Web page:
Ford approves use of cooking oil in its Transit vans
Renewable fuel is based on waste oils brought from restaurants and even homes
Ford has approved the use of Hydrotreated Vegetable Oil (HVO) in its latest Transit van, giving a renewable fuel option to drivers.
The use of HVO instead of traditional fossil fuels allows the Transit to run while producing far fewer emissions. In fact, gases can be reduced by up to 90 per cent compared with a diesel equivalent, while vans using HVO emit less nitrogen oxide and particulates than diesel vans because the fuel features no sulphur.
Hans Schep, Commercial Vehicles general manager, Ford of Europe: “Enabling our vans to run on fuel made from waste, including used cooking oil, may sound far-fetched but using Hydrotreated Vegetable Oil is, in fact, a very real way in which Transit drivers and fleet operators will soon be able to help everybody enjoy improved air quality.”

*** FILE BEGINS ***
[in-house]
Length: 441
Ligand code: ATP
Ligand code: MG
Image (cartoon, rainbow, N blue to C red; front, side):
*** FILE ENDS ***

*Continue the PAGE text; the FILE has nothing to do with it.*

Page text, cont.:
HVO incorporates waste animal fats and fish oils that can help diesel engines start more easily in colder temperatures. Since hydrogen is used as a catalyst, it means that this fuel type burns far cleaner than other biofuels.
Ford has extensively tested the use of HVO with the 2.0-litre EcoBlue engine, and found that it requires no modification to use the fuel. Servicing isn’t affected either.
If a van runs low on the fuel and a new supply not be available, the driver can fill the Transit up with conventional diesel – both fuels can mix in the tank without any issues.
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